New research has found low levels of various medicines — antibiotics, antihistamines, and pain relievers — as well as carcinogenic chemicals and mercury in oysters that grow in two Oregon bays.
The findings do not suggest any immediate risk to human health, but one study author said more analysis is needed to determine the extent to which such contaminants might affect the oyster population and, by extension, a need for better wastewater treatment.
“If you’re allergic to one of these medicines, we’re not sure how many oysters you would have to eat to have a reaction,” said Elise Granek, an associate professor of environmental science and management at Portland State University, who is one of the coauthors of the study, which was recently published in the journal Science of the Total Environment.
I must confess the lack of certain backstorys here “left me shell shocked.” Sadly Virginia, things do disappear on the Internet…. http://pharmalot.com/2011/09/the-witches-brew-of-drugs-in-the-water-supply/
But you can still find their traces. http://www.cchrflorida.org/benzodiazepine-cause-anti-social-behavior-in-fish/
Pharmaceuticals in water streams is a very serious issue and no one wants to take responsibility of clean up as the effort will cut in profits. Linked 2007 article suggests that there are age old issues. http://www.dev.pharmpro.com.690elmp01.blackmesh.com/article/2007/11/pharmaceuticals-their-manufacturing-methods-ecotoxicology-and-human-life. Yes companies can meet effluent standards but since the toxicity of these chemical on water, soil and human life has not been throughly studied red flags have not gone up.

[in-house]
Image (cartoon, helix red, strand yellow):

Pharmaceuticals are toxins that kill the disease bacteria. That is why parts per million dose is there. [one milligram is one part per million]. Pharma companies know that they have an untamable gorilla in their backyard and even if they wanted to do something about it cannot do it as the costs are huge.
Best way has been to comply with EPA water effluent standards and keep tighter regulations away by our legalized corrupt system (lobbying).
Finding chemicals in aquatic life is news but till someone says stop, life will go on. If the toxins kill folks, it no big deal as no one will ever know.
There is an opportunity and that comes thorough improved chemical processes so that the load on effluent systems is reduced. No one has time to look at these mundane things as effort is needed and regulations come in the way.
Sorry for raising these points but unless and effort is made we will be leaving a bad legacy for our grandkids.
My apologies, I should have been more sensitive to effects on aquatic life, as demonstrated by this poor creature:
There is absolutely no incentive to self regulate since it will ultimate fall under the purview of the EPA which I’d holding hearing but hasn’t even invited pharma to the table. Just read your Federal Register.
What’s a few extra aromatic hydrocarbons when I can get that needed Vitamin E boost from a couple dozen raw. I even make my own oyster sauce, a tangy blend of Tabasco sauce, lemon juice, white horseradish and ketchup learned from an old shucker in New Orleans
@pharmavet – I just noticed you comments on this site. All I can say is ‘oii’ ….. or perhaps not.
Regarding the story of finding medications and heavy metals in Oregon oysters, what about other sites. In particular I occasionally eat those small tins of baby oysters that are found in the canned fish area of any grocery. These are invariably farm raised oysters from China. Have any researchers or the DEA studies these canned filter feeders for similar contaminants leaching off the Asian continent?
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